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How to Use a Zoom Lense

By: Jeff Durham - Updated: 1 Mar 2013 | comments*Discuss
Zoom Lens Camcorder Using Zoom Lens Zoom

One of the major problems when you’re a novice with a camcorder is the apparent ‘need’ to play around with all the special effects and to incorporate them all into the home movie, overuse of the zoom lens is usually one of the main ‘culprits’. Basically, zoom should only ever be used if it actually enhances your video. One of the basic rules of thumb is to bear in mind that viewers aren’t actually interested in what your camcorder can do – they just want to see what you saw. However, when used appropriately, the zoom can give your video a professional feel and here are some useful techniques.

Slowly Does It
One of the most off-putting aspects of amateur film making is when the zoom is used far too quickly. A good zoom is one which is gentle and gradual which creates an experience that either slowly reveals more detail about a particular scene as you zoom out or captures the emotions on a person’s face as you zoom in.

Steady As She Goes
As well as the speed of your zoom, another common mistake when zooming is that the shot appears ‘shaky’. To rectify that, keep the camcorder as still as possible. Even better – use a tripod.

Optical Not Digital
In the majority of scenes that you shoot, there is nothing to be gained by using the digital zoom. Say, for example, you want to film activity on a mountain that is miles away. If you find that the view is still distant when you reach the capacity of your optical zoom, try to get a bit closer before shooting if possible. If it takes the digital zoom before the object you’re shooting comes into full view, you’ll often find that the result will be shaky and blurred anyway. One of the best ways to avoid this is to switch off your camera’s digital zoom so that you only have the optical zoom to rely on. Then, if it reaches its capacity and the image through your viewfinder still seems distant, either physically get closer or disregard the shot.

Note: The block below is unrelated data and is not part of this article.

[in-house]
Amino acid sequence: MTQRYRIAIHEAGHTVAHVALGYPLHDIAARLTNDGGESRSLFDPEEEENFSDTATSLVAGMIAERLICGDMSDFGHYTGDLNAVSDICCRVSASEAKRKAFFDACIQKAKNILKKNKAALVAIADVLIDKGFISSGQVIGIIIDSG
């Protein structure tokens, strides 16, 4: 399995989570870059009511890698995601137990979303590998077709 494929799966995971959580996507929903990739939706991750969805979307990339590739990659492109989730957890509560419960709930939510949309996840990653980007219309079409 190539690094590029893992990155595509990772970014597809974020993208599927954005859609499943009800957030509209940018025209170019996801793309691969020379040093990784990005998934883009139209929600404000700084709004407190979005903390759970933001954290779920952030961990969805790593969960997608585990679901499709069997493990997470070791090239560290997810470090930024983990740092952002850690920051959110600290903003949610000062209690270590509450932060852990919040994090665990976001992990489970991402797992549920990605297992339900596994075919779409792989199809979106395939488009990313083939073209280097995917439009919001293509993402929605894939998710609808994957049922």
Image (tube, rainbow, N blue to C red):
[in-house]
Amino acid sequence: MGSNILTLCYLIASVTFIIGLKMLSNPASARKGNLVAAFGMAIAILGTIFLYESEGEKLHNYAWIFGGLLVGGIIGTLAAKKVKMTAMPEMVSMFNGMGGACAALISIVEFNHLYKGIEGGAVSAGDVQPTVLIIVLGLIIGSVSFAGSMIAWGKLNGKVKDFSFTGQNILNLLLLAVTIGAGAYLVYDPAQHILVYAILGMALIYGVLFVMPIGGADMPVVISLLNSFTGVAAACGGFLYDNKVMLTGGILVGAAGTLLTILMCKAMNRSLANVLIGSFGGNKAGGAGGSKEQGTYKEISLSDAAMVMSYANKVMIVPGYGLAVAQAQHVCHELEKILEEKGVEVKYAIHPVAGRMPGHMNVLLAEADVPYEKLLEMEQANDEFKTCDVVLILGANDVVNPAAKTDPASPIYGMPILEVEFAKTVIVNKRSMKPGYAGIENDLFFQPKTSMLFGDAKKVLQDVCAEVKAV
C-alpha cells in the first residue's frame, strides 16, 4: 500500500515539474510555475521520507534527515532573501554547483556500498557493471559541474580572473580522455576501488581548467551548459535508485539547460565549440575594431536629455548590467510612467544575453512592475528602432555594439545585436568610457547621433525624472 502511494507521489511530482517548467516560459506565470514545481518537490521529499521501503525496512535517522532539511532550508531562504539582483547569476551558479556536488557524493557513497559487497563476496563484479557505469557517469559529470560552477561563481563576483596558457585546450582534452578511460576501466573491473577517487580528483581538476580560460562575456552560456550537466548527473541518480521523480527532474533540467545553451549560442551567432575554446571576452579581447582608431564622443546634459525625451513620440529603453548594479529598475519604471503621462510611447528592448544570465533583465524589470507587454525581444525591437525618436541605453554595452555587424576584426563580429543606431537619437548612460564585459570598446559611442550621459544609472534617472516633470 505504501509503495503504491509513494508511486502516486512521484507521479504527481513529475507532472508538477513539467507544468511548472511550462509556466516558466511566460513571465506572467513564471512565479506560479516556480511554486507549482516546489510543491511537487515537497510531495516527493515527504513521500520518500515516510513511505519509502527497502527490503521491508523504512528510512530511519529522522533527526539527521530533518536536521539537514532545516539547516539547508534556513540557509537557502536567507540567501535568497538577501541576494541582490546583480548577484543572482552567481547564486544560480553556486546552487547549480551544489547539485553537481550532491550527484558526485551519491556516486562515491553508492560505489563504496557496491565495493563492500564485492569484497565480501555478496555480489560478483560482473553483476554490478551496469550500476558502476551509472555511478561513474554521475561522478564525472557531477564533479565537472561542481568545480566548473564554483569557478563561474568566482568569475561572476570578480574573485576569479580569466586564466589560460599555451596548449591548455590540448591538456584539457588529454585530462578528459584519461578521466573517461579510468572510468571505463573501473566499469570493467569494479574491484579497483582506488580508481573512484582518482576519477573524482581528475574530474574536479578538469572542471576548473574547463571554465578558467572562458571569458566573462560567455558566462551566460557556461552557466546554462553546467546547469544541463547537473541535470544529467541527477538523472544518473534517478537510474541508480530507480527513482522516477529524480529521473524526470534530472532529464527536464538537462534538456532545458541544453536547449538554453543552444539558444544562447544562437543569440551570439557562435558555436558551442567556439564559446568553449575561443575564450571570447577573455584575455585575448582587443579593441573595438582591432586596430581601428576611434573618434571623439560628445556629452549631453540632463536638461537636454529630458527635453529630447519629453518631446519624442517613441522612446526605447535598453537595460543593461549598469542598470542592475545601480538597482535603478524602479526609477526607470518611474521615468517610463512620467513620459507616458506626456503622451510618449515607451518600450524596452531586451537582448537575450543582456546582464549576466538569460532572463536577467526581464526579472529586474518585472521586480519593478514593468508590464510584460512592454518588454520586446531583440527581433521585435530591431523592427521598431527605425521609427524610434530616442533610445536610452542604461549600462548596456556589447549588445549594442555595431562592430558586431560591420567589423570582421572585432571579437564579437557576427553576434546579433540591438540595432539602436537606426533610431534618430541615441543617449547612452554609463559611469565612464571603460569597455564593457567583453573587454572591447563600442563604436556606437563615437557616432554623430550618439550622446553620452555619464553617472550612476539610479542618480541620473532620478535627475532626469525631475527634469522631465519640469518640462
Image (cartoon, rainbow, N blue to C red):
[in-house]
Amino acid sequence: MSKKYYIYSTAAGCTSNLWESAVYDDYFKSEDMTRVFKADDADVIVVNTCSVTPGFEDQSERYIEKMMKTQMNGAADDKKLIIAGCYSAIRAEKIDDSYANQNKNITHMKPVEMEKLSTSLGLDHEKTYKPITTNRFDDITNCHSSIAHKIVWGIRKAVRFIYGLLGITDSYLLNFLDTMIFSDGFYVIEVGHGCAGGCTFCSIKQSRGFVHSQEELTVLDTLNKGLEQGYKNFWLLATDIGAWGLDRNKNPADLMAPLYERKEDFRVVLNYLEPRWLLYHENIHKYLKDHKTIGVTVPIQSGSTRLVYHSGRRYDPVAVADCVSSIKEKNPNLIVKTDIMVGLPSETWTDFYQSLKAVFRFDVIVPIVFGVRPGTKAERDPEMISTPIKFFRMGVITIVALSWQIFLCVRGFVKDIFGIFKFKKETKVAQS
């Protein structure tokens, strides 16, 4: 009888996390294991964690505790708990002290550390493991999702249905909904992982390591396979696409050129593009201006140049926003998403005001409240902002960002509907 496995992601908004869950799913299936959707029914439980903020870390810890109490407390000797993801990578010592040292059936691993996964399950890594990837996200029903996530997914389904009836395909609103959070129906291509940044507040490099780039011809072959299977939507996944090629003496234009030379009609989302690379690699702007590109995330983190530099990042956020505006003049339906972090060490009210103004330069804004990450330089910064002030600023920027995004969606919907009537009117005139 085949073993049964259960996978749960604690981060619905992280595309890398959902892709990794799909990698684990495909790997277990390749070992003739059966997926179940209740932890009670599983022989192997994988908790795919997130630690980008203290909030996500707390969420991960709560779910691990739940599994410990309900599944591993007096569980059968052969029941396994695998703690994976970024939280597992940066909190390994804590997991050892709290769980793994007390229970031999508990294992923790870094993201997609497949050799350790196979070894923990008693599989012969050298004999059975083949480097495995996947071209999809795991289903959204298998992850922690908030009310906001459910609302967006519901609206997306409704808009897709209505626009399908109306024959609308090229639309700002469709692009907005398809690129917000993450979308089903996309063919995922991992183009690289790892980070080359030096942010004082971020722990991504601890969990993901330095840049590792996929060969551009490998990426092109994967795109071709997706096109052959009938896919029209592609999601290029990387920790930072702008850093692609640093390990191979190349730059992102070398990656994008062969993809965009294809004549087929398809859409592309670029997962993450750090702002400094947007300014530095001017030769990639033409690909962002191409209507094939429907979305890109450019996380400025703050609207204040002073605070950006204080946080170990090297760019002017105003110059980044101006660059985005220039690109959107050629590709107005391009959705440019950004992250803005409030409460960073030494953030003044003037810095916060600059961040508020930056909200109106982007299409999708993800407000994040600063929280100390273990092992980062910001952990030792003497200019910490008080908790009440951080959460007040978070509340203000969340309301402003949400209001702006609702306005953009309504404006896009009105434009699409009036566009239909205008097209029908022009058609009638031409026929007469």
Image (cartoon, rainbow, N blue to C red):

Choose Something to Focus On
Another good technique is to pick a spot in the centre of the object or scene you’re intending to zoom in on, then, as you slowly and smoothly zoom in (or out), keep that ‘spot’ in the centre of your viewfinder.

The main thing to bear in mind when using the zoom is that you’d rarely see a professional TV programme or film where the cameraman would zoom in and out in the same scene. It would either be one or the other. To avoid doing this yourself, try to come up with creative ideas to take your shots from different angles and perspectives instead of relying on the zoom all the time. In other words, separate shots as opposed to one shot zooming in and out all of the time.

An establishing shot where the viewers can get a sense of the location, a medium shot whereby the viewers can gain a sense of the action that’s taking place and a close-up shot which can illustrate more detailed reaction to the action, such as an emotion in response to a piece of dialogue. This method of shooting separate shots at different focal distances is far more professional than zooming in an out all of the time in one continuous shot.

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